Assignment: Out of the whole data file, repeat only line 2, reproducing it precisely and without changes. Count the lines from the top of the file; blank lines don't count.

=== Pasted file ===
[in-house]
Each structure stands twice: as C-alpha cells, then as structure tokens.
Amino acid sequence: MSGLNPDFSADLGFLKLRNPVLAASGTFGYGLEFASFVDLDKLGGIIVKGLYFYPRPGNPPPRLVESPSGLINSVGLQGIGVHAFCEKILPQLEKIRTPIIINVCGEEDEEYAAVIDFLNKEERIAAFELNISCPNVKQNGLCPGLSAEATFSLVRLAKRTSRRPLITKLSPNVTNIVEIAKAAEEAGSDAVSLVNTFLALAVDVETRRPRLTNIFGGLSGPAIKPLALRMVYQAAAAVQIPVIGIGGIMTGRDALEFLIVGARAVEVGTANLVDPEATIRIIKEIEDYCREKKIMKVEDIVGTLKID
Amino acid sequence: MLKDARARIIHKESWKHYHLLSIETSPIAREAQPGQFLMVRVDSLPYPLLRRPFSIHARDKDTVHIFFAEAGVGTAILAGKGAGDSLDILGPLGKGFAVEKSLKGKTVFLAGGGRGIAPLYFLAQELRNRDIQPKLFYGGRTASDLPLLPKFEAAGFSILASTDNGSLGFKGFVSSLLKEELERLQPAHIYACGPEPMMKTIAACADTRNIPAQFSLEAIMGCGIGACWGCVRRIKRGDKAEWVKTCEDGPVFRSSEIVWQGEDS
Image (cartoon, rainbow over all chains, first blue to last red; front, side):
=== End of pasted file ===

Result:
Each structure stands twice: as C-alpha cells, then as structure tokens.